term, regular exercise will increase your stamina and
- Improved mental health. Aerobic
exercise releases endorphins, the body's natural painkillers,
which also reduce stress, depression and anxiety.
"For overall fitness, aerobic exercise,
which increases stamina and endurance, should be combined
with resistance training for increased strength and stretching
for increased range of motion and flexibility," says
Before beginning any exercise program,
talk with your doctor about developing an exercise routine
that's right for you. This is especially important if
you're over 40, overweight, smoke, drink, have a sedentary
lifestyle or a chronic health condition.
Don't think you have to spend hours in
the gym to see any effects. At least 30 minutes of activity
is enough for most days of the week. At first, try not
to overdo it. It may take a few weeks to build up to 20
or 30 minutes of continuous activity. Don't worry about
the financial investment, either. Often a good pair of
athletic shoes is all you need.Remember to always start
your workout with a warm-up. Take a brisk walk for five
to ten minutes then stretch out your muscles for five to
ten minutes more before starting your main session of exercise.
"Don't stretch when your muscles
are cold," Dr. Laskowski says. "Stretch when
your muscles and joints are warmed up. This is when they
are more elastic and more receptive to stretching. A good
routine for a runner might be to walk for a bit, then stretch
those muscles that you will use in running. After you run,
If you only have time to stretch once,
use the warm-up period to ease into your exercise and then
stretch after your exercise, Dr. Laskowski says.
"Despite the benefits of physical activity that we know about and that are
published in the news and magazines, the majority of Americans don't exercise
regularly," Dr. Laskowski says. According to the Centers for Disease Control
and Prevention (CDC), more than 60 percent of all Americans don't get enough
exercise. About 25 percent don't exercise at all.
We can all find excuses for not exercising,
but they usually come down to perceived lack of time, ability,
or even money. Furthermore, there's a popular misconception
about the intensity and type of aerobic exercise needed
to produce health benefits. Lack of motivation, though,
is perhaps the biggest block. If you don't like your exercise
routine, it's hard to stay on it. The best way to become
physically active is to first find something you like to
do, says Dr. Laskowski.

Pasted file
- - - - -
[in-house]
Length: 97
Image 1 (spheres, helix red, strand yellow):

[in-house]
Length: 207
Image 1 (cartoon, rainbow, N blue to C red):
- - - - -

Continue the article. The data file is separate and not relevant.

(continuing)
"If you don't like the activity and
it doesn't fit into your lifestyle, you probably won't
do it," he says. "There is no one ideal piece
of exercise equipment."
"Exercise prescriptions are often
too rigid, and people become discouraged if they aren't
able to keep a specific schedule," says Dr. Laskowski. "The
new concept from the American College of Sports Medicine
and the CDC is to encourage people to accumulate physical
activity throughout the day. The more that is accumulated,
Use any opportunity to increase your physical
activity: walk or bike to work -- or park a little farther
away than usual and walk the rest of the way -- use the
stairs instead of the elevator, take a brisk walk on your
lunch break, put a little more energy into the house work.
Make the activity fit your lifestyle. Dr. Laskowski suggests,
for example, putting a treadmill or a stationary bicycle
in front of the television or behind a stand for a magazine
or book in order to combine your workout with something
you normally do, but do sitting down.
"Three 10-minute bouts of activity
can be as effective a cardiovascular workout as one 30-minute
session," says Dr. Laskowski. "The goal is to
average burning about 2,000 kilocalories a week from your
accumulated activity. This is equivalent to about 30 minutes
of activity most days of a week."
Even if you have an illness or condition
that limits your ability to exercise you don't have to
miss out on aerobics altogther. Talk to you doctor about
what alternatives are right for you. If you have arthritis,
for instance, pool exercises can give you the benefits
of increased activity without placing stress on your joints.
The flexibility of this type of exercise means almost anyone
can enjoy the benefits of aerobics.